There is no part of any fiscal system which has had so many and diverse arguments advanced in its favor as a tax upon the transfer of property at death. These range all the way from arguments of a purely social nature to those justifying the principle as a part of the fiscal machinery. The social arguments, for the most part, look to the limitation of fortunes, and follow closely the ideas of Bentham and Carnegie.
Extension of Escheat. - One common argument for the inheritance tax is known as the extension of escheat. This is based upon the ground that there is no natural right of inheritance - that the state has gone a long way in allowing an individual to have control over property while alive, but would be going entirely too far to allow him to have control over it after death. The disposition of property after death, then, is really a state function, and it is a matter for the state to decide to what extent property shall be inherited. Under this theory there is little basis for the justification of collateral inheritance1 while it becomes the duty of the state to decide to what extent, and under what conditions, direct inheritance shall be permitted.
Diffusion of Wealth. - The argument which has branded the inheritance tax as "Socialistic" has been what is usually known as the diffusion of wealth argument - that is, the use of the principle to break up large fortunes. Many proposals have been made, and some laws have been enacted with this idea in mind. It has been proposed, for example, to fix a maximum amount beyond which inheritance would not be permitted, while the rate of progression which has been used more or less reflects the limitation which is intended to be put upon inherited fortunes. The use of the tax for this purpose need not, however, be condemned as a Socialistic measure, for it may be desirable to limit the size of fortunes for other reasons than the mere diffusion or equalization of wealth.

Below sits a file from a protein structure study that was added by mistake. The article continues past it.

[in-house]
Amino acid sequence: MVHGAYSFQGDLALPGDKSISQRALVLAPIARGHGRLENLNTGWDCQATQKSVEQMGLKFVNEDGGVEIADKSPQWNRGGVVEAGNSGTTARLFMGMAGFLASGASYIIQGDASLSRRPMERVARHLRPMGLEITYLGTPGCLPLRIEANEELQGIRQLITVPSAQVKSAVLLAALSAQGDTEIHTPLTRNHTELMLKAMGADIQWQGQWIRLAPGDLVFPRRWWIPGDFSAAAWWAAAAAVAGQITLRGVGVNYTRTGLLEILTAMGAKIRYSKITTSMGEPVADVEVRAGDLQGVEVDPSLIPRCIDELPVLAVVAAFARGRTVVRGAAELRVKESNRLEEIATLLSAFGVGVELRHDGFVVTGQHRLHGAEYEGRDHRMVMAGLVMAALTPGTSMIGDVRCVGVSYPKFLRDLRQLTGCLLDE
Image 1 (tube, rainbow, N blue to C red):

If, as Mr. Carnegie contended, the moral, social, and economic efficiency of the state is impaired because the succession of large fortunes destroys the initiative of the recipient, then it becomes the duty of the state to impose regulation. Inheritance taxes, from this viewpoint, would properly come under the jurisdiction of the police power when levied by the commonwealths. Since, moreover, the right of inheritance is not considered a natural right, but one granted by the state, any limitation which the state may see fit to impose must be considered justifiable, and not an encroachment on the right of private property.
1 By a collateral inheritance is meant the devolution of property to non-relatives and distant relatives, as cousins, nephews, and nieces. A direct inheritance refers to one in the immediate family, as between husband, wife, son, daughter, and sometimes brother and sister.